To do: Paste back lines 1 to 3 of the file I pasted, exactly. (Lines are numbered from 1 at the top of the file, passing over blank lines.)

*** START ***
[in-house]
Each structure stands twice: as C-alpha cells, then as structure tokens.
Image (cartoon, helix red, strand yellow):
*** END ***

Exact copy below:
[in-house]
Each structure stands twice: as C-alpha cells, then as structure tokens.
Image (cartoon, helix red, strand yellow):